How To Understand The Causes Of Financial Crisis

The term “financial crisis” is thrown around in modern media like it is an everyday occurrence or fact of life. Everyone has a different idea of what a financial crisis exactly equates to. This has everything to do with the informal economic “class” a person belongs to, and how much weight they place on the reports and predictions of financial experts.

Genuine financial crises affect all people regardless of their position in life, or how much their net worth is. Every tier of society will tend to see a crisis if their assumed normal financial standing is threatened in any way. In 2008, the United States experience a financial collapse that started in the upper echelons of the financial world but took its toll on almost everyone in the country with a job and a bank account. The 2008 fiasco can be considered a textbook financial crisis. The fix and the outcome eluded all parties involved.

The causes of genuine financial crises are best understood by taking into account the tendencies of people from all stations in life regarding money and investing. There are three distinct levels of the societal financial station. They are general population, business owners, and market investors; or, blue-collar, white-collar, and investment class.

Money and investment systems work together on a theoretical basis of conscientious spending behavior and responsibility-driven money decisions. Majority failure to abide by these theoretical norms will inevitably result in a market collapse and consequent financial crisis.

Blue-collar overspending, over-borrowing, and under-saving will result in a consumer base that is unable to adjust to the slightest changes in the market. False responses by the general population to peaks and troughs in the market can spark a definite lag in growth and GDP.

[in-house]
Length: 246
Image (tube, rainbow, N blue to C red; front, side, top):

Mid-level, or white-collar financial crises are most often caused by over-speculation by business owners and lenders. Business people can become overconfident in the habits of consumers and decide to expand their businesses beyond what the real economy will sustain. The rubber band “snap back” effect can be devastating to an economy.

The financial crisis in 2008 was caused by the irresponsibility of the investment class. People involved in the part of the economy have incredible influence over laws and practices affecting an economy. Decades of using money and capital in a manner inconsistent with the truths of economic theory resulted in the collapse of several large banking institutions. Because of how the banking industry is networked, tens of millions of individuals and businesses were negatively affected by these poor decisions.

Any change in the level of net worth will lead an individual or company to assume there is a financial crisis waiting in the wings. Genuine financial crises, like that which originated from Wall Street in 2008, negatively impacted all levels of people and investors. In large part, understanding a financial crisis requires a concerted look into the legal climate and trends surrounding the crisis’s source. Though the financial crises of 2008 were caused by mismanagement at the highest levels of banking and government, any true crises can emerge from the irresponsibility of people at all levels.